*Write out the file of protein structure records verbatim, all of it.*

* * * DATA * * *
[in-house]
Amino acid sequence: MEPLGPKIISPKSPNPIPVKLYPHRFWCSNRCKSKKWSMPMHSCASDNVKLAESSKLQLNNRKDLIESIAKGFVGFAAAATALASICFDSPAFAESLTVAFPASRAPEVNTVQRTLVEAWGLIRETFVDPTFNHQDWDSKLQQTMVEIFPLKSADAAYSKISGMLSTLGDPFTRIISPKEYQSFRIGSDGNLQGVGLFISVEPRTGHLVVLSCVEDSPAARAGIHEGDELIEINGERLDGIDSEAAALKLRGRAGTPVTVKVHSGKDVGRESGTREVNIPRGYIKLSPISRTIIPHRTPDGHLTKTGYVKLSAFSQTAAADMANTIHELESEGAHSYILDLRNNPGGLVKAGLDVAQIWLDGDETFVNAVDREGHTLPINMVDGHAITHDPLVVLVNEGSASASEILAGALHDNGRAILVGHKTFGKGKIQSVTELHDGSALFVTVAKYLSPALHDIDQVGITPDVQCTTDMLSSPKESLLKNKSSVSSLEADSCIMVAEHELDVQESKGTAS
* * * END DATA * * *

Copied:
[in-house]
Amino acid sequence: MEPLGPKIISPKSPNPIPVKLYPHRFWCSNRCKSKKWSMPMHSCASDNVKLAESSKLQLNNRKDLIESIAKGFVGFAAAATALASICFDSPAFAESLTVAFPASRAPEVNTVQRTLVEAWGLIRETFVDPTFNHQDWDSKLQQTMVEIFPLKSADAAYSKISGMLSTLGDPFTRIISPKEYQSFRIGSDGNLQGVGLFISVEPRTGHLVVLSCVEDSPAARAGIHEGDELIEINGERLDGIDSEAAALKLRGRAGTPVTVKVHSGKDVGRESGTREVNIPRGYIKLSPISRTIIPHRTPDGHLTKTGYVKLSAFSQTAAADMANTIHELESEGAHSYILDLRNNPGGLVKAGLDVAQIWLDGDETFVNAVDREGHTLPINMVDGHAITHDPLVVLVNEGSASASEILAGALHDNGRAILVGHKTFGKGKIQSVTELHDGSALFVTVAKYLSPALHDIDQVGITPDVQCTTDMLSSPKESLLKNKSSVSSLEADSCIMVAEHELDVQESKGTAS